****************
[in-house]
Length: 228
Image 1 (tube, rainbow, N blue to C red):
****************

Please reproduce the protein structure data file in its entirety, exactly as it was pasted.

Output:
[in-house]
Length: 228
Image 1 (tube, rainbow, N blue to C red):